. We will use ``albuterol'' to refer to both albuterol base and 
albuterol sulfate, unless otherwise indicated.
    Albuterol is available in many dosage forms for the treatment of 
asthma and COPD. Syrups and tablets may be taken by mouth to be 
absorbed into the blood through the digestive tract. Albuterol drug 
products are marketed in various forms for inhalational use. Albuterol 
is available in inhalation solutions for use in nebulizers and was 
previously marketed in the United States in a compact dry-powder 
inhaler. Most important for purposes of this document, albuterol is 
marketed in MDIs, which are small, pressurized aerosol devices that 
deliver a measured dose of an aerosol into a patient's mouth for 
inhalation into the lungs.
    Albuterol MDIs were first approved for use in the United States in 
1981, when the new drug applications (NDAs) for VENTOLIN (NDA 18-473) 
and PROVENTIL (NDA 17-559) albuterol

[[Page 33603]]

MDIs were approved by FDA. The first generic albuterol MDI was approved 
in 1995. Albuterol MDIs have historically used the chlorofluorocarbons 
(CFCs) trichlorofluoromethane (CFC-11) and dichlorodifluoromethane 
(CFC-12) as propellants.
    Albuterol MDIs are among the most widely used drug products for the 
treatment of asthma and COPD. Because of albuterol's relatively rapid 
onset of action, albuterol MDIs are frequently used as ``rescue'' 
inhalers for treatment of bronchospasm during acute episodes. Albuterol 
MDIs can be considered lifesaving for some patients at certain times; 
they are very important for controlling symptoms in many more patients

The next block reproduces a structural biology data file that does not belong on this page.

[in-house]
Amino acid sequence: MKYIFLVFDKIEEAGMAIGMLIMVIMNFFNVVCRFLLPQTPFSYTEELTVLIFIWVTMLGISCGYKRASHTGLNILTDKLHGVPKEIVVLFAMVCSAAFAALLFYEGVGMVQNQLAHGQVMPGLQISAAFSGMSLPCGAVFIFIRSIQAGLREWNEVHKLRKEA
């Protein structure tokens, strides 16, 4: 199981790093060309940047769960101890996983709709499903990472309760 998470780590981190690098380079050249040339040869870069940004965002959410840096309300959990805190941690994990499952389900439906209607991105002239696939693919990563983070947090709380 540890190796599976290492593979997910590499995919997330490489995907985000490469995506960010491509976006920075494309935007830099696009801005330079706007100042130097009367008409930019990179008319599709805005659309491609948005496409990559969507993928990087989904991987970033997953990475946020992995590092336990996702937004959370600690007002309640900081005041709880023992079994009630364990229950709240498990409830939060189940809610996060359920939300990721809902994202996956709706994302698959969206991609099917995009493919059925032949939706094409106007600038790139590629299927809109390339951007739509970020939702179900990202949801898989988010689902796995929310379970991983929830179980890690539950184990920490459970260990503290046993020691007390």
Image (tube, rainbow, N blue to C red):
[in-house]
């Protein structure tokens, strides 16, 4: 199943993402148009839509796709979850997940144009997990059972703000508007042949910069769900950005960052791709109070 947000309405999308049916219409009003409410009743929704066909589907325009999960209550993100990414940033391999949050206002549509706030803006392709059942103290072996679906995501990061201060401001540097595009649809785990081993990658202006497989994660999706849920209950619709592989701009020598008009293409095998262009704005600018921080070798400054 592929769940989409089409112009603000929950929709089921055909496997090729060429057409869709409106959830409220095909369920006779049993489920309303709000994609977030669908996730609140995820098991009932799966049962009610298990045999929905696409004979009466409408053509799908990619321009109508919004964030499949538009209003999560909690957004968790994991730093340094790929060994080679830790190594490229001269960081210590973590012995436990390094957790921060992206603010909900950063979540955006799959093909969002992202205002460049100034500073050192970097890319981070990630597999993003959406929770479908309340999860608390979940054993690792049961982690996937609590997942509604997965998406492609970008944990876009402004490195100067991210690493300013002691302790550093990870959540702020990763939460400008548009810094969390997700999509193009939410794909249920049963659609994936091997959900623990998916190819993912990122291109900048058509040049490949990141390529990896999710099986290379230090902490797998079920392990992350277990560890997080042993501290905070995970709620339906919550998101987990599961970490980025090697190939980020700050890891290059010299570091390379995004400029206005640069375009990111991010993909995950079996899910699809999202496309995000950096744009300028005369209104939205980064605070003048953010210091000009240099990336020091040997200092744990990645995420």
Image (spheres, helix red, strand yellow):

who suffer from asthma or COPD. We recognize and take very seriously 
our obligation to examine with particular care any action that may 
affect the availability of these important drugs.

II. CFCs

    CFCs are organic compounds that contain carbon, chlorine, and 
fluorine atoms. CFCs were first used commercially in the early 1930s as 
a replacement for hazardous materials then used in refrigeration, such 
as sulfur dioxide and ammonia. Subsequently, CFCs were found to have a 
large number of uses, including as solvents and as propellants in self-
pressurized aerosol products, such as MDIs.
    CFCs are very stable in the troposphere, the lowest part of the 
atmosphere. They move to the stratosphere, a region that begins about 
10 to 16 kilometers (km) (6 to 10 miles) above Earth's surface and 
extends up to about 50 km (31 miles) altitude. Within the stratosphere, 
there is a zone about 15 to 40 km (10 to 25 miles) above the Earth's 
surface in which ozone is relatively highly concentrated. This zone in 
the stratosphere is generally called the ozone layer. Once in the 
stratosphere, CFCs are gradually broken down by strong ultraviolet 
light, where they release chlorine atoms that then deplete 
stratospheric ozone. Depletion of stratospheric ozone by CFCs and other 
ODSs allows more ultraviolet-B (UV-B) radiation to reach the Earth's